18. Performance of PCR-reverse blot hybridization assay for detection of rifampicin-resistant Mycobacterium leprae.

    PubMed

    Wang, Hye-young; Kim, Hyunjung; Kim, Yeun; Bang, Hyeeun; Kim, Jong-Pill; Hwang, Joo Hwan; Cho, Sang-Nae; Kim, Tae Ue; Lee, Hyeyoung

    2015-10-01

    Drug resistance in Mycobacterium leprae is a significant problem in countries where leprosy is endemic. A sensitive, specific, and high-throughput reverse blot hybridization assay (REBA) for the detection of genotypic resistance to rifampicin (RIF) was designed and evaluated. It has been shown that resistance to RIF in M. leprae involves mutations in the rpoB gene encoding the -subunit of the RNA polymerase. The PCR-REBA simultaneously detects both 6 wild-type regions and 5 different mutations (507 AGC, 513 GTG, 516 TAT, 531 ATG, and 531 TTC) including the most prevalent mutations at positions 507 and 531. Thirty-one clinical isolates provided by Korea Institute of Hansen-s Disease were analyzed by PCR-REBA with RIF resistance of rpoB gene. As a result, missense mutations at codons 507 AGC and 531 ATG with 2-nucleotide substitutions were found in one sample, and a missense mutation at codon 516 TAT and ΔWT6 (deletion of 530-534) was found in another sample. These cases were confirmed by DNA sequence analysis. This rapid, simple, and highly sensitive assay provides a practical alternative to sequencing for genotypic evaluation of RIF resistance in M. leprae. PMID:26428919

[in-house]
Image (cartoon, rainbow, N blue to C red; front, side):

19. Analysis of common mitochondrial DNA mutations by allele-specific oligonucleotide and Southern blot hybridization.

    PubMed

    Tang, Sha; Halberg, Michelle C; Floyd, Kristen C; Wang, Jing

    2012-01-01

    Mitochondrial disorders are clinically and genetically heterogeneous. There are a set of recurrent point mutations in the mitochondrial DNA (mtDNA) that are responsible for common mitochondrial diseases, including MELAS (mitochondrial encephalopathy, lactic acidosis, stroke-like episodes), MERRF (myoclonic epilepsy and ragged red fibers), LHON (Leber's hereditary optic neuropathy), NARP (neuropathy, ataxia, retinitis pigmentosa), and Leigh syndrome. Most of the pathogenic mtDNA point mutations are present in the heteroplasmic state, meaning that the wild-type and mutant-containing mtDNA molecules are coexisting. Clinical heterogeneity may be due to the degree of mutant load (heteroplasmy) and distribution of heteroplasmic mutations in affected tissues. Additionally, Kearns-Sayre syndrome and Pearson syndrome are caused by large mtDNA deletions. In this chapter, we describe a multiplex PCR/allele-specific oligonucleotide (ASO) hybridization method for the screening of 13 common point mutations. This method allows the detection of low percentage of mutant heteroplasmy. In addition, a nonradioactive Southern blot hybridization protocol for the analysis of mtDNA large deletions is also described. PMID:22215554